We wanted to add something to our puppet ministry, and my husband started doing the twisty balloon animals. The Amish kids love it! And I've always been interested in ventriloquism, so I picked up a book and studied it for a while. I practiced in front of a mirror and determined that I could do it without moving my lips. I started incorporating it into our ministry, and pretty soon I was teaching classes and writing articles on ventriloquism. I was self taught. The biggest key besides the art of not moving your lips is sound substitutions. There are certain letters in the alphabet that you can't say without moving your lips. So you have to substitute the sound. Learning those and being able to say those - you have to put your tongue in a certain spot in your mouth so they actually come out right. It was just a matter of practicing that over and over and over and finding the positions that worked best for me. All these kids were just in awe when I did it in an Amish schoolhouse. They thought I must have had a tape recorder. They could not comprehend that that voice was possibly coming from me.

Log Cabin ChristmasVentriloquism always interested you?

I used to watch Paul Winchell and I was fascinated with it. The Howdy Doody Show and all that stuff was just so different. I always wondered how they learned to do that. It's all story telling. I have two little puppets who are dressed in Amish clothes, so we go to Amish schoolhouses to speak I always take one of those with, and the Amish love it.

Amish bishops are chosen by lot. What if someone doesn't want to be chosen as a bishop?

Once they're chosen, that's pretty much it. Before their name is brought up, they have a pretty good feeling of whether that person is willing to do it or not. They won't put in a name of a person who isn't qualified. Many Amish men receive the draw and didn't feel like they could do this, but they do it because they feel God has called them to do it. They grow into it.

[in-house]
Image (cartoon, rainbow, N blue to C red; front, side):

Is there any other moment in your life that reminds you God has called you to do it?

What does it for me is when I get an email or letter or someone says to me that book really touched my heart, that really helped me. I realize the blood, sweat and tears are all worth it!

Anything else you'd like to share?

I think some people feel like the Amish aren't Christian. We get that misconception because they're so different. They look different. To know the Amish the way we know them, you would know they are definitely Christians. One of our Amish friends is a minister in the Amish church, and when he was asked if Amish is his religion, he said, “No. Amish is our way of life. Jesus Christ is our religion.” That sums it up perfectly. I'm not saying every Amish person is a born again believer, any more than every person who attends a Protestant church is a born again believer. But many of them are, and I don't think people realize that. The Amish don't proclaim it to the world like we do. Although I just spoke to one Amish man recently who passes out tracts. It's very unusual, because they're not into evangelizing. They feel their actions are an example to the world. But some will tell anyone about the saving grace of Jesus.

Portions of this interview first appeared as an article in the May/June 2011 issue of FamilyFiction Digital Magazine.

C.J. DarlingtonC.J. Darlington is the award-winning authof of Thicker than Blood, Bound by Guilt, and Ties that Bind. She is a regular contributor to Family Fiction Digital Magazine and NovelCrossing.com. A homeschool graduate, she makes her home in Pennsylvania with her family and their menagerie of dogs, a cat, and a paint horse named Sky. Visit her online at her author website. You can also look her up at Twitter and Facebook.